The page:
[TUHS] Etymology of bc(1)
clemc at ccc.com
Sat Sep 13 05:02:01 AEST 2014
Steve good point but ...
On Fri, Sep 12, 2014 at 1:12 PM, <scj at yaccman.com> wrote:
> And for the most part, we abandoned this style when we got
> 32-bit machines that had as much as a (gasp!) megabyte of memory...
Yes and no (know maybe) - as Pike said "cat -v" considered harmful.
The original small is beautiful idea that made UNIX so welcome, was lost
in the process.
I remember when we got the money to maxed out the memory on an 11/34 form
48K to 256K bytes (using aftermarket memory of course). And as you point
it, it is a lot easier when we use the computer to so a lot more of the
work (that why we have compilers, debuggers and tools in general). But
when I look at programs written by daugther and her peers, I realized that
just have the innate feel for what is needed to get the job done often
seems lost to them. Things just grow and use this framework or thank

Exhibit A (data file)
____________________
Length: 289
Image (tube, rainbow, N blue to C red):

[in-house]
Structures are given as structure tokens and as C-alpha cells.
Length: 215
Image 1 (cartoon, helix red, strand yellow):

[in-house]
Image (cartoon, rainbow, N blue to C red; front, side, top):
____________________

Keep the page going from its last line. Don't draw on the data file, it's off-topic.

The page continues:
subsystem. It so easy to grab, that I wonder if we are ahead or behind.
That said, I do not yearn longly for V6. It was a fun system and we did a
lot with it and I certainly learned a ton. But I am way more productive on
my Mac. But I think the program style and lessons that many of us have
from the those times is to try to get to the nut of the task at hand and
remember how you are getting there.
Let me be less abstract. I recently found an Open Source NIXIE tube
subsystem from a guy that used an Arduino. Its very cool and impressive.
Think about it, use a $4 computer to run each NIXIE tube, instead of lots
of logic to multiples the pins. But when I looked at his code, I shook my
head. Basically straight lined everything, brute force. I remember being
taught, if the routine is longer than a printer page or two, break it up.
I took his code, put a bunch of the things into tables, made a few
functions to use those tables and cut the size of the code even with the
tables, by almost a 3rd and its a lot easier to understand.
In fact, I wrote a small subsystem so I could debug the whole thing using a
UNIX pipe to represent each digit, as debugging on the Arduino is a really,
But what did I do - I applied lessons from a great system, UNIX to create a
clean, easy to understand (and even debug).
Anyway - my thesis is that bigger is not always better.
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